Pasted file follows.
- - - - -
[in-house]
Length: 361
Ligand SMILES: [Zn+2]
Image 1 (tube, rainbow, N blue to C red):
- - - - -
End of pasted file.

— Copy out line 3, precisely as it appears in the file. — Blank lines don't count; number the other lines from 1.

Ligand SMILES: [Zn+2]